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The MSDN Docs says

If the operation raises an exception that your code does not handle, the BackgroundWorker catches the exception and passes it into the RunWorkerCompleted event handler, where it is exposed as the Error property of System.ComponentModel.RunWorkerCompletedEventArgs

But when I tried

_workers[i].DoWork += (s, args) =>
{
    throw new Exception("Error!");
};

I get Exception Unhandled error ... The code doesn't seem to go to RunWorkerCompleted. How are errors supposed to be handled?

UPDATE

I have setup simple handlers

_workers[i].DoWork += (s, args) =>
{
    throw new Exception("Error!");
}
...
_workers[i].RunWorkerCompleted += (s, args) =>
{
    if (args.Error != null) {
        string dummy = args.Error.Message;
    }
    ...
};

The code never leaves DoWork

share|improve this question
    
Do you have a RunWorkerCompleted handler? –  Mitch Wheat Nov 25 '10 at 9:25
    
@Mitch Wheat, yes –  Jiew Meng Nov 25 '10 at 9:37
2  
Did you try the code without debugger? –  Stefan P. Nov 25 '10 at 9:55
    
Just did it, the code did goto the RunWorkComplete handler, except that it seems to keep "looping" there? See screenr.com/eCF. Since I cant use VS Debug, I dont really know why it keeps looping ... I just added 1 task –  Jiew Meng Nov 25 '10 at 10:47

3 Answers 3

up vote 3 down vote accepted

If an exception is thrown and passes through user frames but is then not caught by user code, it is considered "user-unhandled".

So I think there are 3 possibilities:

  • This is a first-chance exception - so if you press F5, the exception will propagate as normal.
  • Click "edit code" in the Exception Assistant. Then do some Edit and Continue to solve the problem.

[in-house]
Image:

• Go to Debug->Exceptions and de-select the "user-unhandled" column.
share|improve this answer

If you are running through the debugger, Visual Studio will stop on exceptions in the BackgroundWorker.DoWork event handler rather than silently passing the exception to the RunWorkerCompleted event which is what happens when not in the debugger.

1) You can just hit F5 and continue execution to follow the exception (as RoadWarrior mentioned)

2) If that is too annoying, for DoWork don't use delegates/lambdas but use named methods and decorate with [DebuggerStepThrough] Attribute. This will let the debugger ignore that method and not stop on exception so you can view the "normal" behavior of the Backgroundworker.

See: Visual Studio 2008 Debugging - Skipping code

share|improve this answer

I've done exception handling in BackgroundWorker yesterday. I didn't add any throw in Worker's DoWork handler. If exception happens, you will be able to get it in RunWorkerCompleted without throwing it. Just don't forget to cancel you Worker if exception occurs.

share|improve this answer
    
I thought when u throw, execution immediately ends? so I cannot set Cancel = true to my worker? –  Jiew Meng Nov 25 '10 at 10:55
    
Well, you can set. –  26071986 Nov 25 '10 at 11:50
    
I will get unreachable code detected imgur.com/yVx3q.jpg –  Jiew Meng Nov 26 '10 at 6:04

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